Paul Kelly

Lab Members

 

Dr. Paul A.T. Kelly,

 

 

Lab Webpage

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Research Interests
The overall aim of our work is to characterise the mechanisms by which both genetically-determined and environmentally-induced alterations in central neurotransmitter function in general, and monoaminergic function in particular, contributes to the aetiology of affective disorders. Specifically, our current objectives are:

    • To characterise brain function in animals that have been genetically modified to produce endophenotypes that paraellel psychiatric disorders in man.
    • To examine interactions between exposure to recreational drugs and genetic predisposition to psychiatric disorders.
    • To characterise brain function in animals where genetic modification alters central monoaminergic, either directly or indirectly.
    • To characterise the mechanisms by which altered cerebrovascular physiology might contribute to changes in brain function induced by both genetic and environmental manipulation of central monoaminergic systems.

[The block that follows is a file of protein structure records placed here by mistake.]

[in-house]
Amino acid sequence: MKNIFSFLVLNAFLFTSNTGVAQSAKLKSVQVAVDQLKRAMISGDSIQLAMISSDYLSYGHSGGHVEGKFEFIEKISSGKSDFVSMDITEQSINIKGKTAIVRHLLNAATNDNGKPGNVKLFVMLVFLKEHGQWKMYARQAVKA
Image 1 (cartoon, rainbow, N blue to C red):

Key Publications
Rutten, K, Van Donkelaar, El, Ferrington L, Bollen, E, Steinbusch, HWM, Blokland, A, Kelly PAT, and Prickaerts, JHHJ.  (2009) Phosphodiesterase inhibitors enhance object memory independent of cerebral blood flow and glucose utilization in rats.  Neuropsychopharmacol. 34, 1914-1925.
And
ó, RD, Ádori, C, Kirilly, E, Kovacs, GG, Ferrington, L, Kelly. PAT, and Bagdy, G.  (2010) Acute SSRI-induced anxiogenesis and brain metabolic effects are attenuated despite partial recovery of serotonergic terminals six months after initial MDMA-induced depletion.  Behav. Brain Res. 207, 280-289.
Dawson, N, Ferrington, L, Lesch, K-P and Kelly, PAT. (2011) Cerebral metabolic responses to 5-HT2A/C receptor activation in mice with genetically modified serotonin transporter (SERT) expression. European Neuropsychopharmacol. 21, 117 – 128.
Van Donkelaar, EL, Blokland, A, Ferrington, L, Kelly, PAT, Steinbusch, HWM and Prickaerts, J. (2011) Mechanism of acute tryptophan depletion: Beyond the serotonin system. Molecular Psychiatry 16, 695-713.
Neufeld-Cohen, A, Kelly, PAT, Paul, EE, Skinner, E, Olverman, HJ, Vaughan, JM, Issler, O, Lowry, CA, Vale, WW, Seckl, JR, Chen A, and Jamieson, PM. (2012) Chronic activation of CRF type 2 receptors reveals a key role for 5-HT1A receptor responsiveness in mediating behavioral and 5-HT responses to stressful challenge. Biol. Psychiatry, 72, 437-447.